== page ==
HEBREW NAMES 'PLUS' VERSION
of the TaNaKh and the B'rit Chadashah
A Hebrew Beginner's Primer
The Hebrew Names 'Plus' Version
Partially completed books
This rendering of the TaNaKh and the B'rit Chadashah is intended for those
who have at least some background in Hebraic studies (know what Torah, TaNaKh and
B'rit Chadashah mean) and are interested in slowly expanding their knowledge of
the Hebrew language. Those familiar with Scripture will often know what word or
words have been replaced; for those unfamiliar with the verses, a glossary is
provided. Most relevant Greek words commonly transliterated into English (e.g.,
diakonos/deacon; angelos[aggelos]/angel, sunagoge/synagogue,
etc.) are replaced with the nearest Hebrew equivalent (shammash, malakh, qahal, etc.),
having compared 2-3 versions of the Greek and/or 2-3 versions of Hebrew translations of
the Greek. Most Greek names are transliterated as nearly as possible.
Some other English words commonly used in the Bible, mainly those of a spiritual or
abstract nature (truth, faith, righteousness, etc.), have also been translated from
Greek to Hebrew, then transliterated to English. Mainly nouns and simple verb forms
without gender being noted are changed. These are not necessarily the best
translations, and the reader is admonished to do independent study (2 Tim. 2:15).
Translation can be proven, by simple comparison of several different ones, to be a very
subjective process, often driven by denominational doctrines. The best ones are
produced by translators who have no agenda to drive. My intent with this work is
to provide the reader with transliteration from the as-near-as-possible-original texts
and leave interpretation alone. Some words, however, have been rendered in only
one way for so long that they are ingrained into almost all current translations.
One example is Joseph's "coat of many colors." Everyone has heard that translation,
but another is, in The Stone Edition Tanach, "fine woolen tunic." Still
another is "long-sleeved tunic" from a Hebrew word meaning "reaching to palms and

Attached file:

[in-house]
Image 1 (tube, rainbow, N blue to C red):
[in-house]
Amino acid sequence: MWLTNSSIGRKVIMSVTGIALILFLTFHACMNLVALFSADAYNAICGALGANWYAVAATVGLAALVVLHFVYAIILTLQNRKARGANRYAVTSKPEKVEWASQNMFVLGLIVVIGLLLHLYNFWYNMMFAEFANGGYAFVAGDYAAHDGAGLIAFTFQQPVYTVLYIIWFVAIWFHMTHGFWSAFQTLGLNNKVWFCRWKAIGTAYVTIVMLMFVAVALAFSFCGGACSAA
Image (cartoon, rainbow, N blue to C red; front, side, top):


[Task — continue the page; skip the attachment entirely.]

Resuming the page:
soles." The last is my preference, because that's the translation listed by
Direct transliteration for this endeavor is often not possible when not transliterating
an entire word, especially where there are prefixes and suffixes which I have decided
not to include in order to keep it simple. Pronouns are many and varied and can be
confusing, so I have usually chosen to use the English forms and leave the Hebrew
simple. But this leads to syntactical differences in vowels; e.g.,
eretz v. aretz.
Also, word order is necessarily changed, most often because the verb almost always
precedes the noun. E.g., "B'reishit bara Elohim ...". Literally,
"In beginning created Elohim ..."
A little more explanation of pronunciation, syntax, and grammar is given on the
Since this project was started, I've added more and more words to the list of those being
translated/transliterated, so if it's your inclination to just skim through catching a
Hebrew word here and there, you'll really be slowed down. You must really
want to learn Hebrew, or you'll get bored and/or disheartened rather
quickly. Hebrew is not an easy language to casually learn, especially the syntax
and "conjugation." It takes work and, for me, someone to learn with, except to add
a word now and then to my vocabulary.
"Yeshua" is not italicized in the text. Should we not give the "name above all
names" (Phil. 2:9) its proper original pronunciation in everyday speech? This also
helps to differentiate his name from the translation of "salvation,"
yeshu`ah. However, Yahweh/YHWH is italicized as a reminder that the
accent is, like other Hebrew words, on the last syllable.
Quotations from the TaNaKh and occasionally from the B'rit Chadashah are
lettered footnotes at the end of each chapter. Whenever possible and appropriate,
verbatim or near-verbatim quotes from the TaNaKh use the original (translated
and/or transliterated) words, rather than the usual English translations in the NT.
Paragraphs are generally according to the RSV.
Brackets [ ] are explanations of the translation.
"Don't think that I came to destroy [overthrow, abolish, annul, tear down] ha-Torah
or ha-Nevi'im." (Mat. 5:17)
Parentheses ( ) are implied in or parenthetically included within the original, or
possibly spurious additions to the text by the translators.
"Ahavah … doesn't brag, is not proud, 5 doesn't
behave itself inappropriately, doesn't seek its own way, is not provoked, takes no
account of evil; 6 doesn't rejoice in unrighteousness,
but rejoices with ha-emet; 7 bears all (things),
believes all (things), hopes all (things), endures all (things)."
[♦] = footnote; see by chapter and verse at the
end of the book and/or on the Footnotes pages.
Most B'rit Chadashah book titles are transliterated from The New Testament in Hebrew
and English, 1966, The Society for Distributing Hebrew Scriptures, Middlesex, England.
Base translation is Hebrew Names Version of the World English Bible, a modern
English update of the American Standard Version,
HERE and is in the public domain.
Reference books, abbreviated, include:
CJB Complete Jewish Bible (Stern)
JNTC Jewish New Testament Commentary (Stern)
NBMHED The New Bantam-Megiddo Hebrew & English Dictionary, 1975.
NTHE The New Testament in Hebrew and English; The Society
for Distributing Hebrew Scriptures, Middlesex, England.